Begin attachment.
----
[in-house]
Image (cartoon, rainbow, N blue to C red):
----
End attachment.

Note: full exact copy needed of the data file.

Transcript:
[in-house]
Image (cartoon, rainbow, N blue to C red):